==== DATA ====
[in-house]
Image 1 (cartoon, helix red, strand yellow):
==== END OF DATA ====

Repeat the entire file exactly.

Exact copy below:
[in-house]
Image 1 (cartoon, helix red, strand yellow):